Conventional Cotton vs. Organic Cotton

With cotton having such a major impact on the environment as well as on vulnerable populations, many sustainable fashion advocates see switching over to organic cotton as a solution for some of these deep and systemic issues.

Organic cotton is defined as cotton grown from non-GMO seeds without the use of synthetic pesticides or fertilizers. Many companies, brands, and consumers are shifting towards organic due to a number of benefits:

1. Organic cotton is grown from less environmentally and economically destructive seeds than conventional cotton

Conventional cotton is often grown from genetically modified “Bt cotton” seeds, a kind of cotton that has monopolized the market due to its resistance to cotton bollworms. However, widespread use of the seed has resulted in growing pest resistance, requiring farmers to actually use more pesticides and insecticides with each generation of pests. This has been a major issue in India, where Bt seeds have contributed to a cycle of debt and poverty for farmers.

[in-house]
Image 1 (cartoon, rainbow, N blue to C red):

While GMO Bt seeds and the pesticides necessary to farm them are a huge financial burden on farmers, organic seeds are less so. Non-GMO seeds are cheaper and can be stored and replanted each year (GMO seeds cannot be and need to be repurchased annually). Organic farming also means that farmers can grow more than one crop at a time, helping to supplement their income.

2. Organic farming and manufacturing are safer for farmers, factory workers, and consumers

The World Health Organization estimates that 3 million cases of pesticide poisoning occur each year, resulting in over 250,000 annual pesticide-related deaths. Farmers that partake in organic farming are not as exposed to these life-threatening chemicals in the field or in their food and water supply.

Organic fibers are also safer for the factory workers producing them and the consumers wearing them. Those with sensitive skin or allergies may prefer organic cotton products since they aren’t treated with irritating chemical dyes and finishes. Organic cotton is increasingly preferred for items worn directly against the body, such as underwear and basics.

3. Unlike conventional cotton farming, organic farming takes a holistic approach and works with the earth—not against it

Conventional, non-organic cotton is usually grown as a mono-crop, which quickly depletes soil of nutrients and makes the soil vulnerable to pests, pathogens, and water loss. This results in a higher need for pesticides and fertilizers, which leach into the water and soil, contaminating local drinking water and our planet’s larger ecosystems.